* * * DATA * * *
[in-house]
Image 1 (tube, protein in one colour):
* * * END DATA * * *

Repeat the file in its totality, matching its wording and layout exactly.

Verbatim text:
[in-house]
Image 1 (tube, protein in one colour):